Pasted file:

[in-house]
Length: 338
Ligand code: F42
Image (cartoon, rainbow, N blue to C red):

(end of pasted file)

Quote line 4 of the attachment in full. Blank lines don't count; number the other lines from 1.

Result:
Image (cartoon, rainbow, N blue to C red):